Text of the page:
SEC: “Dangerous Act” Earned Suspension
By Paul Myerberg // Sep 14, 2012
Watch the above video. UTEP is in white, Mississippi in red. The Miners’ quarterback, Nick Lamaison, throws a deep post to Jordan Leslie, the team’s second-leading receiver. The throw is high and outside – a receiver’s worst nightmare. Based on the video, Leslie knows the hit is coming: he tenses, pulling his arms back into his body, growing smaller as he peeks up towards Mississippi’s Trae Elston, covering the deep middle of the field. While the hit did not draw a flag, it did draw a response from the SEC: Elston has been suspended for the Rebels’ game against Texas on Saturday.
He’s suspended for the entire game, not just the first quarter or the first half. This designation is important, as in the recent past, hits like the one Elston delivered on Leslie typically accrued a fractured penalty – a half, for instance – rather than a one-game suspension.
With one significant exception: Arkansas’ Marquel Wade missed a game last year after delivering a vicious blow to Vanderbilt’s Jonathan Krause. Is there a difference between the two? We’re discussing various shades of gray, but it’s safe to say that Wade’s hit was “uglier” than Elston’s on Leslie.
The SEC found that Elston’s hit, which the league deemed a “flagrant and dangerous act,” violated two N.C.A.A. rules: “contact to the head or neck area of a defenseless opponent with the helmet, forearm, elbow or shoulder” and initiating ”contact against an opponent with the crown of his helmet.”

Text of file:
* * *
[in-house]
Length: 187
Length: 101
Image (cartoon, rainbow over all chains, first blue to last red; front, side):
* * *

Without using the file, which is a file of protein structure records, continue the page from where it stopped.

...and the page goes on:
The rationale for a suspension comes from the SEC bylaws, which read as follows:
“This action is taken in accordance with Southeastern Conference Constitution, Article 4.4.2 (d) which states that a student-athlete may be suspended if it is determined that the student-athlete has committed a flagrant or unsportsmanlike act.”
Let’s take a quick trip into semantics. What does “defenseless” mean? Does it mean unprepared? If so, there’s no way you can view that video and deem that Leslie was not ready for impact. However, if “defenseless” means a player finished with his play, at a moment when one would not necessarily expect impact, then there’s no doubt that Elston violated the letter of the law.
Mississippi’s response was to stand up for a player athletic director Ross Bjork calls “our guy.” The university stated its case with the SEC but did not “discuss similar hits in other games,” reported Hugh Kellenberger, who covers the Rebels for The Clarion-Ledger.
The message here is that the SEC is taking a very proactive approach to player safety – and yes, that’s a fairly noteworthy takeaway. More than that, the SEC has now delivered a standard for future plays of this nature: Elston’s suspension now means that similar hits would warrant the same punishment. That’s big news once L.S.U. loses one of its elite defenders for a key SEC game.
And in terms of the suspension’s nationwide ripple effect, I’m curious as to whether other leagues will follow in the SEC’s footsteps. Could one league’s new standard become the F.B.S. standard? Yes, if that one league is the SEC.
Tags: Jordan Leslie, Mississippi, Nick Lamaison, SEC, Trae Elston, UTEP
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